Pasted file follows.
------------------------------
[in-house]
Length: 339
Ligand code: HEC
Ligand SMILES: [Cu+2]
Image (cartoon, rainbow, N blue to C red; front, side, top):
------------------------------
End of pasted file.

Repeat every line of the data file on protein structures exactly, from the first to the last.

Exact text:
[in-house]
Length: 339
Ligand code: HEC
Ligand SMILES: [Cu+2]
Image (cartoon, rainbow, N blue to C red; front, side, top):